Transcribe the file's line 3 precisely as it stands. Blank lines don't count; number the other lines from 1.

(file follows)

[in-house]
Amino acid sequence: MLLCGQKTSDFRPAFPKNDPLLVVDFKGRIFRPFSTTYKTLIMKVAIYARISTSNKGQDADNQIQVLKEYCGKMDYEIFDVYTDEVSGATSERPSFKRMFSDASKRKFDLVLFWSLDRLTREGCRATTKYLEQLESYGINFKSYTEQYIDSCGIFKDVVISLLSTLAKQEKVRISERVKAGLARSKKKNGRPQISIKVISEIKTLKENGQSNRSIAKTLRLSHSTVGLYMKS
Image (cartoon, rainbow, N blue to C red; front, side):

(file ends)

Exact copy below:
Image (cartoon, rainbow, N blue to C red; front, side):